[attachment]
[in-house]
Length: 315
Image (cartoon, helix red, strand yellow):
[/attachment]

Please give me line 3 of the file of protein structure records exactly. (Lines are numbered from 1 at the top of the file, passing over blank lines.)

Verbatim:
Image (cartoon, helix red, strand yellow):